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Introducing Epic Chinese Drama: Nirvana In Fire (Lang Ya Bang)


PSA: This is not a love story.

At first, I was like pssh this show looks boring. The trailer made it look like it was 10% warfare, 10% angst, and 80% of Hu Ge pondering. That said, I am SO GLAD I ended up watching it. Actually, this is one of the few genuinely high quality and well-thought out stories I have seen in a long long time. It appears to be ‘slow’, but every scene has its purpose. On top of that, a very entertaining watch (funny too!) and the eye candy doesn’t hurt either.

Lang Ya Bang is currently the top watched TV drama in China, with over 14,628,775 views on Sohu.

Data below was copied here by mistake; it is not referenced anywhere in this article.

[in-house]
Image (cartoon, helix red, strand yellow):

This guy looks so PEACEFUL for most of the first 20 episodes, but Read More…

“In a Good Way” (episode 7) and Starting “I Can Hear Your Voice”

Wooohooo for such random posts! I usually try to organize these posts by topic but I was getting lazy and wanted to get my thoughts out NOW. So yea here we go! 😀


In a Good Way has unfailingly made my Fridays better – it’s like being wrapped inside a warm blanket with a fizzy soda (or cheesecake) in your hand. Episode 7 was a good way to wrap up Jia En and Liu Chuan’s cat-and-mouse chase. I like Jia En’s decision at the end of the episode. The whole 3631 search thing was getting quite dragged on and neither side was giving up. We have a bit of cute jealously on Liu Chuan’s side! AHHH CUTE. The feelings are coming out!


Meanwhile, I have decided to begin another drama – a korean drama called “I Can Hear Your Voice”. It’s about a young man who can read minds and he protects a girl from a serial killer. (After watching Heirs….. I kinda wish Kim Woo Bin would take an awesome role like this hehe!) The show looks pretty addictive and good! I read some good things about it on Dramabeans.